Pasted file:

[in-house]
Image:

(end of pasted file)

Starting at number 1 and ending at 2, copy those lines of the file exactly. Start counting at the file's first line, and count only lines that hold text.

[in-house]
Image: